Channel programs News
The Channel Angle: Here’s How To Vet Potential Vendors To Reduce Your Overall Risk
‘It is helpful for you to identify what your tolerance for risk is, as each vendor or associated product will have risk associated with them,’ writes Dawn R. Sizer of 3rd Element Consulting.
By Dawn R. Sizer
[Editor’s note: The Channel Angle is a monthly CRN guest column written by a rotating group of solution provider executives that focuses on the triumphs and challenges that solution providers face. If you are a solution provider executive interested in contributing, please contact managing editor David Harris.]
Deciding on your stack and the vendors that supply those products are two of the most important decisions you will make in your business. Having the right vendor, with the right relationship, at the right price point can make or break your business.
Doing your due diligence on those vendors helps to reduce your overall risk. It is helpful for you to identify what your tolerance for risk is, as each vendor or associated product will have risk associated with them. Vendors can tarnish your reputation when they have security incidents, are unable to deliver product on timelines, or cannot offer their product at a competitive price. You are putting a part of your business in their hands when the choice is made to collaborate with them. Be sure you take their reputation and that of their supply chain into consideration.
Every company will have its own selection criteria. Here is the criteria we use and that you can use to investigate any potential vendor.
No vendor posts how unsatisfied their clients are. Talk to other businesses like yours that use that vendor. Find examples of good and bad interactions, then decide what bad looks like for you and how it relates to what others presented.
Is the vendor able to service your account at the level you need? This answer will change depending on the product and buying cycle. At the very least, find out what control they have over their supply chain and processes. That will give you an idea on how dependable they will be at service delivery.
Knowing the financial backing of a potential vendor is helpful in determining long-term planning. If they are a startup and run out of capital, what are your options? If the vendor lays off employees, will your service levels and needs still be met? Could your costs go up unexpectedly if that vendor becomes cash poor? Find out what your remedy is if the vendor is acquired, and judge if the risk of the acquisition is beyond your tolerance.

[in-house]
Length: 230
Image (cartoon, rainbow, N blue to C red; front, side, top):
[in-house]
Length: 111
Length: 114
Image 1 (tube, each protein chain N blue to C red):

Culture and Relationships
The culture of the vendor should be close to that of your company. If it is not, you will have issues dealing with staff, contracts, and other interactions with that vendor. No relationship is ever perfect but look for vendors that want you both to win in any deal or situation.
Communication is key in any relationship, and with a vendor it can be maddening if it starts out great, but support is terrible. Be sure all departments communicate effectively. A telling part of communications is how support is managed. For some vendors it is all about closing the ticket. Great vendors focus first on solving the issue, then close the ticket.
Is the product of excellent quality and continually improved? Getting a quality product is nice, but if innovation stalls or quality drops the need to replace the vendor will be swift. Investigate their history with quality control.
Security And Supply Chain
Most vendors will have a supply chain they deal with. Evaluate each part of the supply chain for service level, security, and any compliance they need to account for.
What is the tolerance of your company to be locked into a long contract? A confident vendor will offer shorter term agreements, often one year or even month to month. A less mature or more aggressive vendor may seek long term, locked in contracts. Be aware of this and be sure their methodology suits the culture of your business.
Sadly, we must pay for these products and services. How well you can negotiate rates and types of rewards from one vendor to another can skew costs widely. Choose the best product at the best price point and negotiate from there.
Shortlist vendors that fulfill a role in your product stack or distribution chain. Run them through this selection criteria or add your own. If you do not already have a process for vendor due diligence and selection, this will give you a baseline.
Dawn Sizer is CEO of 3rd Element Consulting, an MSP based in Mechanicsburg, Pa. Her clients span verticals from government to cannabis and everything in between. She is also an advisory board member for CRN parent The Channel Company for XChange.